Creating a System of Care for California’s Dual Eligible Population
|July 14, 2011||Posted by Ashley Cohen under Blog||
Today’s guest blogger is former ITUP Policy Director, Adam Dougherty. Adam is now a second year medical student at UC Davis.
Greetings from UC Davis School of Medicine! Though I am no longer in the health policy world full time, it has been a real privilege living in Sacramento, which has allowed me to remain active in advocacy and other efforts. This past summer, I had the opportunity to intern at the Department of Health Care Services under their new Medical Director, Dr. Neil Kohatsu. With so much going on in health reform implementation, it was an exciting time to be involved at DHCS on a day-to-day basis.
In my work at the Department, I developed a report entitled Cost Containment Strategies for California’s Dual Eligible Population. The dual eligible population, individuals who qualify for both Medicare and Medicaid, is a particularly vulnerable subset of America that must navigate a severely fragmented delivery system. While representing only 16% and 18% of the Medicare and Medicaid populations respectively, duals account for 24% and 46% of each program’s total spending. In all, health care for duals is roughly 10% of national health spending, and this number will continue to rise as the baby boomer generation ages.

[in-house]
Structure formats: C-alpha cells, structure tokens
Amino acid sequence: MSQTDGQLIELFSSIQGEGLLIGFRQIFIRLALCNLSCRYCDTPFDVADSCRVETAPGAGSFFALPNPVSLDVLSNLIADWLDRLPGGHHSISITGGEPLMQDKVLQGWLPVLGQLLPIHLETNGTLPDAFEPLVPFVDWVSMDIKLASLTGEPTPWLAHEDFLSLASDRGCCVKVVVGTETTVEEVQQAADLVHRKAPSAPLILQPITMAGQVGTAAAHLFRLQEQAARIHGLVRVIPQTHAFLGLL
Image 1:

The inefficiencies and disincentives that plague the delivery of care for this population, in addition to unprecedented flexibilities offered through the Affordable Care Act, provide California with ample opportunity to improve care for duals while lowering overall costs. In a time of perpetual budget crises and unpredictable program cuts, California is well positioned to streamline care for one of the costliest and most vulnerable populations. This special DHCS report provides an overview of California’s dual population as well as several forward thinking strategies in this regard, including federal collaboration, payment reform mechanisms, quality measure improvement, health information technology, and prevention.
Visit my blog at www.adammd.org for more of my perspectives!